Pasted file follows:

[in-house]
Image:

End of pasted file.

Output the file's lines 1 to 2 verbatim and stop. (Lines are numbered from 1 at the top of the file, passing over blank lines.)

[in-house]
Image: